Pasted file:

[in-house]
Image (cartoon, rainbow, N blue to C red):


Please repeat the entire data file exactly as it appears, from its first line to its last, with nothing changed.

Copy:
[in-house]
Image (cartoon, rainbow, N blue to C red):